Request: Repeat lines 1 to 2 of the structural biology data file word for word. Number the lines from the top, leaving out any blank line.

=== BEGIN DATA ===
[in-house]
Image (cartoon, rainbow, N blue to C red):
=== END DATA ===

[in-house]
Image (cartoon, rainbow, N blue to C red):